Jan Schakowsky, an Illinois Congress woman, visited the White House with a congressional delegation, prior to the 2004 United States Senate primary election. Making her way out, she passed President Bush and the president literally jumped back on seeing “Obama” button pinned to her chest. Guessing what the president was thinking, she told him, “Mr. President, it is Obama with a “b”. Still, the president did not get it. The congresswoman briefly explained to Bush who Obama was. “Well, I don’t know him”, the president responded. Jan Schakowsky paused for a moment and then said to the president, “You will.”
The same conversation could have occurred with former President Bill Clinton and she could have responded the same way, “You will.”
The essential problem in this campaign for the Clintons is that they never, ever dreamed what a formidable opponent Barack Obama was going to be. They felt so entitled to recapture the “throne,” that it was not even conceivable to them that they could in any way be challenged.
And I tell you, minus Barack Obama in this race, we would be discussing Hillary Clinton’s strategy going into the General Election. I was there with Barack Obama in 2000 when he lost and deeply felt the pain of losing. I don’t ever recall taking losing so hard. I was “down in the dumps.” Yes, I was only involved with the campaign for two weeks. Two very intense weeks where we ate, drank and slept this campaign. While he lost the Congressional District, we delivered the eastern part of the 19th Ward for Obama by an overwhelming vote. Prior to March 7, 2000, nobody in the Eastern part of the 19th Ward ever heard of Obama. We spread the word quickly. The grassroots effort spread with unbelievable speed. Yet, he still lost. We could not help believing that with the right amount of time and planning, there was nothing he could not achieve.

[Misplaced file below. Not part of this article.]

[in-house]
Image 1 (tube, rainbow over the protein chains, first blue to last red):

When he ran for the United States Senate in 2004 (he actually announced in January of 2003) we believed from the beginning he would be elected the junior Senator from Illinois. We had the time and energy to spread his message of “change.” And clearly, it wasn’t just us. There were dozens of groups forming all across Chicago. Not just African-Americans, but whites, Greeks, Hispanic, Indians. It was the United Nations behind Obama. In fact, African-Americans were a little slow to get on board for a variety of reasons. Once African-Americans got on board, he had 95% support there.
The minute he won the United States Senate Democratic primary on March 16, 2004, I quickly realized that he had just catapulted onto the national stage. At his victory celebration, the national media were there in droves. CNN, MSNBC, CNBC, Fox, ABC News, CBS News, NBC News. All the print guys and gals. All the radio guys and gals. All wanting to interview Obama.
That was the day, March 16, 2004, that the Clintons should have at least begin to “See it Coming.” And now I say to them, “You will.”